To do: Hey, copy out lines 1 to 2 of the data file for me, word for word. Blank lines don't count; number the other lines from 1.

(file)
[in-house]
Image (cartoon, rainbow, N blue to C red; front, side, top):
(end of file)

[in-house]
Image (cartoon, rainbow, N blue to C red; front, side, top):